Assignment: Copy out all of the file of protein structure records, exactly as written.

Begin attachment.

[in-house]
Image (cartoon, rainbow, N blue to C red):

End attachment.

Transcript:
[in-house]
Image (cartoon, rainbow, N blue to C red):